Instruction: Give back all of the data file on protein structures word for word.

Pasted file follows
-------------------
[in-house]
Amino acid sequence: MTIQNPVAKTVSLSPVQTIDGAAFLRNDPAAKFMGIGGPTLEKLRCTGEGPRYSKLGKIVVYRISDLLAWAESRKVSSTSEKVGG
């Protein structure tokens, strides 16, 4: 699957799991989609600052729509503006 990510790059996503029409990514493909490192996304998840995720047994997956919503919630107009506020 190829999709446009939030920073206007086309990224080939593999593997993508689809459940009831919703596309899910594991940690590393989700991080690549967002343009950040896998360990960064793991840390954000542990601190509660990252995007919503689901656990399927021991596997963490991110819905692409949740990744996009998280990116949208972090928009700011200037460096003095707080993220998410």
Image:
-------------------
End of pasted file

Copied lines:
[in-house]
Amino acid sequence: MTIQNPVAKTVSLSPVQTIDGAAFLRNDPAAKFMGIGGPTLEKLRCTGEGPRYSKLGKIVVYRISDLLAWAESRKVSSTSEKVGG
């Protein structure tokens, strides 16, 4: 699957799991989609600052729509503006 990510790059996503029409990514493909490192996304998840995720047994997956919503919630107009506020 190829999709446009939030920073206007086309990224080939593999593997993508689809459940009831919703596309899910594991940690590393989700991080690549967002343009950040896998360990960064793991840390954000542990601190509660990252995007919503689901656990399927021991596997963490991110819905692409949740990744996009998280990116949208972090928009700011200037460096003095707080993220998410």
Image: